Pub. L. 101–637, § 1,Nov. 28, 1990, 104 Stat. 4589, provided that: “This Act [enacting section 2656 of Title 15, Commerce and Trade, amending this section, sections 4012 to 4022 of this title, and sections 2643, 2646, and 2647 of Title 15, enacting provisions set out as notes under this section and sections 2646 and 2656 of Title 15, and amending provisions set out as a note under this section] may be cited as the ‘Asbestos School Hazard Abatement Reauthorization Act of 1990’.”
SPub. L. 98–377, title V, § 501,Aug. 11, 1984, 98 Stat. 1287, as amended by Pub. L. 101–637, § 14(a)(1),Nov. 28, 1990, 104 Stat. 4594, provided that: “This title [enacting this subchapter] may be cited as the ‘Asbestos School Hazard Abatement Act of 1984’.”
Findings and Purposes
“(a) Findings.—Congress finds the following:
“(1) The Environmental Protection Agency has estimated that more than forty-four thousand school buildings contain friable asbestos, exposing more than fifteen million school children and one million five hundred thousand school employees to unwarranted health hazards.
“(2) All elementary and secondary schools are required by the Asbestos Hazard Emergency Response Act [of 1986, see Short Title of 1986 Amendment note set out under section 2601 of Title 15, Commerce and Trade] to inspect for asbestos, develop an asbestos management plan, and implement such plan.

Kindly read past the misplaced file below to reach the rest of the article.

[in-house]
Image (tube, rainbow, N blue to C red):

“(3) The Environmental Protection Agency has estimated it will cost local education agencies more than $3,000,000,000 to comply with the Asbestos Hazard Emergency Response Act.
“(4) Without a continuing program of information assistance, technical and scientific assistance, training, and financial support, many local educational agencies will be unable to carry out sufficient response actions to prevent the release of asbestos fibers into the air.
“(5) Without the provisions of sufficient financial support, the cost to local educational agencies of implementing asbestos response actions may have an adverse impact in their educational mission.
“(6) The effective regulation of interstate commerce for the protection of human health and the environment requires the continuation of programs to mitigate hazards of asbestos fibers and materials emitting such fibers.
“(b) Purposes.—The purposes of this Act [see Short Title of 1990 Amendment note above] are the following:
“(1) To direct the Environmental Protection Agency to maintain a program to assist local schools in carrying out their responsibilities under the Asbestos Hazard Emergency Response Act.
“(2) To provide continuing scientific and technical assistance to State and local agencies to enable them to identify and abate asbestos health hazards.
“(3) To provide financial assistance to State and local agencies for training of persons involved with inspections and abatement of asbestos, for conducting necessary reinspections of school buildings, and for the actual abatement of asbestos threats to the health and safety of school children or employees.
“(4) To assure that no employee of a local educational agency suffers any disciplinary action as a result of calling attention to potential asbestos hazards which may exist in schools.”